Data Exfiltration: Do you know where your data is?

Data Exfiltration: Do you know where your data is?

Intellectual and industrial property, personal data, bank data, providers and client directories, personal communications..

Nowadays, data is one of the most important assets in our organizations and even in our private lives.

2017 ended with important data leaks that are still fresh in our memory.

Just to name a few: Uber tried to cover up a leak spilling data on some 57 million; Equifax  suffered a leak revealing data on an astounding 145.5 million users; and here in Spain, Anonymous exposed databases from a police-related forum and the Madrid regional government.

These leaks come about due to failures in the infrastructure we use, like what happened in the case of the Western Digital ‘My Cloud” service, noted by my colleague Claudio in or the

In other cases, an intrusion targets the heart of the organization, driven by concrete and often evident interests.

For example, in recent times there have been “Ransomware” cases that contact the target entity and inform them that their data was stolen, encrypted and published on the Internet.

What happens if they don’t pay what they ask for? They simply publish the keys to decrypt, and now it’s a question of the will of $deity.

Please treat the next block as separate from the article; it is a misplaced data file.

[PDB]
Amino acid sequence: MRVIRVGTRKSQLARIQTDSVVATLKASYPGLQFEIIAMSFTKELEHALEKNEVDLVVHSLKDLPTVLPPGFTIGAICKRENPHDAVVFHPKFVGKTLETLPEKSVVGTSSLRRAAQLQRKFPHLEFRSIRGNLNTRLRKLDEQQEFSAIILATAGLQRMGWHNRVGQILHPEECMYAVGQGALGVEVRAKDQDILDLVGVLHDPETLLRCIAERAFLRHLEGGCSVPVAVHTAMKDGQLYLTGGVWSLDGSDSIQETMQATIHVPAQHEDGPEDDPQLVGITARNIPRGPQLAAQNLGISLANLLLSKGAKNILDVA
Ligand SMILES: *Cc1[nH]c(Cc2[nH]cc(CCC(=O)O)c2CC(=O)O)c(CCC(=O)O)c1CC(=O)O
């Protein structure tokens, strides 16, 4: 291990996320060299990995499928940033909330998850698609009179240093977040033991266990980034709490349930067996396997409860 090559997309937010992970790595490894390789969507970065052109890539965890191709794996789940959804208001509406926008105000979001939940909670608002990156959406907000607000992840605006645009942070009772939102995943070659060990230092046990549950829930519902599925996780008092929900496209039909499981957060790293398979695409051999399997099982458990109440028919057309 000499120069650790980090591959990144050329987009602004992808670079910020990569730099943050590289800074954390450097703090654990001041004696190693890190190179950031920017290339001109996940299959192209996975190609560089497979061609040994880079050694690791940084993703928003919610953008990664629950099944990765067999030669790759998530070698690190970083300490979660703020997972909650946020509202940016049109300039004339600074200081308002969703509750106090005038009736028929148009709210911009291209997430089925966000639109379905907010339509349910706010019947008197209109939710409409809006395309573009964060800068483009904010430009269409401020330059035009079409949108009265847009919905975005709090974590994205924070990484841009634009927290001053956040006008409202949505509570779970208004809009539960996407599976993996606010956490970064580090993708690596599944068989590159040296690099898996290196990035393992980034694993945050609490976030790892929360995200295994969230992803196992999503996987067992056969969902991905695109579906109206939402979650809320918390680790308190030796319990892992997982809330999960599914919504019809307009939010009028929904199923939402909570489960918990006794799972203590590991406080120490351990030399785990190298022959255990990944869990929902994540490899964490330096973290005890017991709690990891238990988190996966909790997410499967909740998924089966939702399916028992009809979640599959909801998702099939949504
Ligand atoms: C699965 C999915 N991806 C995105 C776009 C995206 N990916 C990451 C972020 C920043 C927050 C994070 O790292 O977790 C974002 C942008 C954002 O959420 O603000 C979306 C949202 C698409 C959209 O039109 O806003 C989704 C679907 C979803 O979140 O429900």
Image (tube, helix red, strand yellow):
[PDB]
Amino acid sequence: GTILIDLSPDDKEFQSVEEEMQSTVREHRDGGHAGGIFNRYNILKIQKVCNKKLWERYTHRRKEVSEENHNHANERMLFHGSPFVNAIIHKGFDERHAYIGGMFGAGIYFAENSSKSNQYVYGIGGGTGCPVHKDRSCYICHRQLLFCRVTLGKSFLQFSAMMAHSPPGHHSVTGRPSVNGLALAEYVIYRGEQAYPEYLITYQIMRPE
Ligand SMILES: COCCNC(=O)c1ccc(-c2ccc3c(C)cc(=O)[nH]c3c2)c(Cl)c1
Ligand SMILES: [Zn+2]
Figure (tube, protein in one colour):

We have to be aware that we are in a world where it is more than probable that at some point you will be compromised, in one way or another, and the more complex or bigger the organization, the worse the problem will be.

I would say that in the event you are pwned: be resilient, have a fast and efficient response to incidents, and be sure to add this experience to our know-how and share it with other defensive security actors.

And of course, use the experience to think about how to make it harder for the “bad guys” to steal our data!

Data exfiltration is more than merely burning a CD, copying files to a pendrive or printing off a ton of documents onto paper…

Some “classic” methods of this data hack include:

  • Sending data through an HTTPS connection to the attacker’s server
  • Using cloud services like Pastebin
  • Using SMTP or FTP
  • Using TCP or ICMP packet forgery.

I shall also cite some of the more curious and obscure methods I’ve seen in my experience:

  • Encrypted tweets using stolen data.
  • Upload stolen data into a Youtube video, Flickr Image or Linkedin document, using stenographic methods
  • DNS queries to subdomains from a domain under the attacker’s control when, in reality, these queries are stolen and encrypted data.
  • Using Skype and other chat protocols (e.g. IRC)
  • Creating wireless networks with different ESSIDs, whose names in actuality are the stolen data

This brief and simple list is intended to be an example to bring these issues to the attention of the reader.

In the end, DLP (Data Loss Prevention) technology should not be used for merely inspecting SSL traffic, but rather for creating a complex data management and defense strategy.

“Data is the new oil”

Have Your Say: